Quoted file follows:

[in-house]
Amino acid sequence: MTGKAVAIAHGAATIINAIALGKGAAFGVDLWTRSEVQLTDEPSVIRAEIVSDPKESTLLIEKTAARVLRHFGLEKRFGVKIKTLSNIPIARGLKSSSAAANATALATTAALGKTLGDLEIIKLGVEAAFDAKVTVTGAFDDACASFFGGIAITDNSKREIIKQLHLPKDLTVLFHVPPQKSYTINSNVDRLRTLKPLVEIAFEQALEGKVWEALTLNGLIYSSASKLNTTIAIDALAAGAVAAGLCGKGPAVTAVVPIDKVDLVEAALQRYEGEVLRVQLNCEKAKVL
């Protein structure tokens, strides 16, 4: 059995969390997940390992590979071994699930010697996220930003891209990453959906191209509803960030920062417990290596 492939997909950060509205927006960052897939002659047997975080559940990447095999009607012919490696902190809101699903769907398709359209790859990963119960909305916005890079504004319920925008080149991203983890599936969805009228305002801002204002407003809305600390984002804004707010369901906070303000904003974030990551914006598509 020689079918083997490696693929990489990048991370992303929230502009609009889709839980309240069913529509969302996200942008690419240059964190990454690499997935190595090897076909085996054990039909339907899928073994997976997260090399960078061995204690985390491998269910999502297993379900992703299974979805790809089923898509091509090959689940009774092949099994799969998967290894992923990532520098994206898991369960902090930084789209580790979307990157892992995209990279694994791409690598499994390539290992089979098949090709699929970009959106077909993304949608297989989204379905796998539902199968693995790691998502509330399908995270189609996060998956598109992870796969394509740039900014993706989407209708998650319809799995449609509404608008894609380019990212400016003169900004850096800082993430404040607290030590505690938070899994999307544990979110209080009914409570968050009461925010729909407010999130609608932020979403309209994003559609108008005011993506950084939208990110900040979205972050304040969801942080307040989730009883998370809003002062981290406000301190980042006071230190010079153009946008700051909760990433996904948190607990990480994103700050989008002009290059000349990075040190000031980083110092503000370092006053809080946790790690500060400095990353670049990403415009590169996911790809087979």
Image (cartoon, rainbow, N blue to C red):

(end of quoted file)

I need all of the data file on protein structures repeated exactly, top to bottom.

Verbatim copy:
[in-house]
Amino acid sequence: MTGKAVAIAHGAATIINAIALGKGAAFGVDLWTRSEVQLTDEPSVIRAEIVSDPKESTLLIEKTAARVLRHFGLEKRFGVKIKTLSNIPIARGLKSSSAAANATALATTAALGKTLGDLEIIKLGVEAAFDAKVTVTGAFDDACASFFGGIAITDNSKREIIKQLHLPKDLTVLFHVPPQKSYTINSNVDRLRTLKPLVEIAFEQALEGKVWEALTLNGLIYSSASKLNTTIAIDALAAGAVAAGLCGKGPAVTAVVPIDKVDLVEAALQRYEGEVLRVQLNCEKAKVL
């Protein structure tokens, strides 16, 4: 059995969390997940390992590979071994699930010697996220930003891209990453959906191209509803960030920062417990290596 492939997909950060509205927006960052897939002659047997975080559940990447095999009607012919490696902190809101699903769907398709359209790859990963119960909305916005890079504004319920925008080149991203983890599936969805009228305002801002204002407003809305600390984002804004707010369901906070303000904003974030990551914006598509 020689079918083997490696693929990489990048991370992303929230502009609009889709839980309240069913529509969302996200942008690419240059964190990454690499997935190595090897076909085996054990039909339907899928073994997976997260090399960078061995204690985390491998269910999502297993379900992703299974979805790809089923898509091509090959689940009774092949099994799969998967290894992923990532520098994206898991369960902090930084789209580790979307990157892992995209990279694994791409690598499994390539290992089979098949090709699929970009959106077909993304949608297989989204379905796998539902199968693995790691998502509330399908995270189609996060998956598109992870796969394509740039900014993706989407209708998650319809799995449609509404608008894609380019990212400016003169900004850096800082993430404040607290030590505690938070899994999307544990979110209080009914409570968050009461925010729909407010999130609608932020979403309209994003559609108008005011993506950084939208990110900040979205972050304040969801942080307040989730009883998370809003002062981290406000301190980042006071230190010079153009946008700051909760990433996904948190607990990480994103700050989008002009290059000349990075040190000031980083110092503000370092006053809080946790790690500060400095990353670049990403415009590169996911790809087979």
Image (cartoon, rainbow, N blue to C red):